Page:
The Arab Uprising Hasn't Suddenly Arrived In Palestine -- It's Always Been Here
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Demonstrations marking the 63rd anniversary of the Nakba – the anniversary of Palestinians' displacement in 1948 – were held throughout the West Bank, Gaza and inside Israel this week. The focal point of West Bank Nakba day demonstrations was the Qalandia checkpoint. During the second Palestinian intifada, the checkpoint was a flashpoint for riots between Palestinian youth and Israeli soldiers.
"Our movement is an outgrowth of the unarmed protest movement throughout the West Bank,” Ramallah-based youth organizer Fadi Quran told me as Palestinian demonstrators gathered on the outskirts of his city to mark Nakba day. Quran has become the face of a movement of urban Palestinians revolutionizing the face of Palestinian resistance in the wake of the Egyptian and Tunisian uprisings. As we spoke, Palestinians from all political affiliations gathered outside of the Qalandia checkpoint between Ramallah and Jerusalem.
Certainly, the demonstration on Sunday conjured images of the intifada; stone-throwing Palestinian youth in front of burning tires at the edge of a refugee camp battling fully armed Israeli soldiers firing rubber bullets at protesters. However, it was not the start of a third intifada as some pundits speculated in the days prior to the demonstrations. Sunday was the start of something different; an unarmed movement endowed with deep insight into Israel's heavy handed response to Palestinian resistance and connected to the world using Twitter, Facebook and YouTube.
Faced with boiling discontent in the West Bank, Israel moved quickly and violently against demonstrations in Qalandia as well as similar ones held in East Jerusalem, Hebron and the village of Al Walaja just outside of Jerusalem. Israel was caught off guard on its northern borders with Syria and Lebanon as Palestinians breached fences and entered the Occupied Golan Heights. As night fell, 13 Palestinian demonstrators had been killed and hundreds more had been injured in clashes. Military officials quickly filled the Israeli news cycle explaining the difficult challenges that mass unarmed protest created for the world's fourth most powerful army.
Hundreds of Palestinians from all political factions marched in Qalandia on Nakba day under the national Palestinian flag with the goal of reaching Jerusalem. Hundreds of Israeli soldiers quickly engulfed the demonstration in clouds of tear gas and rubber-coated steel bullets. Despite the heavy handed crowd control measures, demonstrators quickly regrouped and continued to walk to Jerusalem. This routine continued for roughly seven hours.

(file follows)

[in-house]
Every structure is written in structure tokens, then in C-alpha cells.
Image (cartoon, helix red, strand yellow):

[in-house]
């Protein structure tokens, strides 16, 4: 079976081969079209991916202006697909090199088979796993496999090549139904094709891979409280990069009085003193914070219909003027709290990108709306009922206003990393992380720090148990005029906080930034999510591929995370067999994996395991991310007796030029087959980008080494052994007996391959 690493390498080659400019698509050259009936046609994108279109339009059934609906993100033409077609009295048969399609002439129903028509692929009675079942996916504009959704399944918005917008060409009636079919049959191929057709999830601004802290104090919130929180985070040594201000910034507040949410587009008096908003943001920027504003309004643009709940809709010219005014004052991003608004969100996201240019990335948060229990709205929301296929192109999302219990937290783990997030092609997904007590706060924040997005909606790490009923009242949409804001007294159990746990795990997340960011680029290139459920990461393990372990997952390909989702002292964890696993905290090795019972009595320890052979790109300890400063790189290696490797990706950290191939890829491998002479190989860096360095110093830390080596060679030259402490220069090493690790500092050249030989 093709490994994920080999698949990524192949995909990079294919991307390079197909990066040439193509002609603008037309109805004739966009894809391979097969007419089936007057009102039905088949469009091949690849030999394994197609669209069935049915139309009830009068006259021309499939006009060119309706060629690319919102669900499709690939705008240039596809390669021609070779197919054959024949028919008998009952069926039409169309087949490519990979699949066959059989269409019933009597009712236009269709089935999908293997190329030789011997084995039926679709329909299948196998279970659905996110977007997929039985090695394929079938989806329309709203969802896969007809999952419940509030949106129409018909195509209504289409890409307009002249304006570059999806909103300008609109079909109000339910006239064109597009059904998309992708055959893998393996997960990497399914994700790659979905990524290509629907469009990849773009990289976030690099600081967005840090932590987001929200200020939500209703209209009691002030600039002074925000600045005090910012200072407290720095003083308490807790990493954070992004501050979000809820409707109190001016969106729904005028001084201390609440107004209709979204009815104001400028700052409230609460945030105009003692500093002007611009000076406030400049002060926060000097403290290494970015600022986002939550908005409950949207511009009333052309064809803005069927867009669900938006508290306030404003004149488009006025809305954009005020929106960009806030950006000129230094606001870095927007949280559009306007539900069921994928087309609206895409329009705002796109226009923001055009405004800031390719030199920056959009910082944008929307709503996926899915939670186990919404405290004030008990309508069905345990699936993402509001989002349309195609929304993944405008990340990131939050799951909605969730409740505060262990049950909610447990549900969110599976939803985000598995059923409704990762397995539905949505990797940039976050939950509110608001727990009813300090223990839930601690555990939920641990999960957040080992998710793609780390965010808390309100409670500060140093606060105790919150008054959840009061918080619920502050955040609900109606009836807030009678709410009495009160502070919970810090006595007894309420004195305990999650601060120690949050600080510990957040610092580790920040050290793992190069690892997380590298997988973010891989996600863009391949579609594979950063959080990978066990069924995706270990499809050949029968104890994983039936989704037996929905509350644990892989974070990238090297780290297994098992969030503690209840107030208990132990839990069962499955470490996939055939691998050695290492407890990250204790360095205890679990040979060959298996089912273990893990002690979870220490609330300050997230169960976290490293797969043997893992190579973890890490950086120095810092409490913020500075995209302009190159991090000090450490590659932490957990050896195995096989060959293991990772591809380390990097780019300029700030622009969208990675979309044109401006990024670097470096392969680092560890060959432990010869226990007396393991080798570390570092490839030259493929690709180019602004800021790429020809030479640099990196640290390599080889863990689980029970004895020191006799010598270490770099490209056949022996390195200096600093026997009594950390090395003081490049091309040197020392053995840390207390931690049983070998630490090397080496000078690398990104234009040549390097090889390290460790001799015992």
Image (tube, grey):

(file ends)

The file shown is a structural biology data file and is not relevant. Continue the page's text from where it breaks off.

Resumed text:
“I have not seen this type of tear gas used by the Israelis,” Dr. Sami Dar Nakhla, director of the triage center, told me in the midst of the clashes. “People are having seizures from the tear gas and there are many cases of unconsciousness. It is as bad as the Second Intifada.” Nakhla told me he had handled at least 20 medium to serious injuries from rubber-coated steel bullets fired by soldiers at demonstrators, including one gunshot wound to the face. The Israel Defense Forces spokesman reported a handful of light injuries in the course of the clashes.
As the afternoon wore on, Palestinian youth attacked soldiers with stones, and purportedly a number of Molotov cocktails. There was even a futile attempt to upend a portion of the eight-meter-high concrete wall that constitutes the Qalandia separation barrier. This provoked a heavy handed reaction from the army as undercover Israeli police officers dressed as Palestinian protesters aggressively attacked the demonstration, arresting five minors in front of international press photographers.
“Palestinians understand that we have a chance to create new awareness of the dimensions of Israel's occupation in September [with the UN statehood recognition vote],” Leana Tamimi, a Ramallah-based youth organizer told me. “What you are seeing here in Qalandia and all over the West Bank is a demonstration of our unity ahead of the vote.”